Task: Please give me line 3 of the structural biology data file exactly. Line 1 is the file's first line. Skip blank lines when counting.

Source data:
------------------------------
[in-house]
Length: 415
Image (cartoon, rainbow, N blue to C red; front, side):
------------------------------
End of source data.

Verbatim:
Image (cartoon, rainbow, N blue to C red; front, side):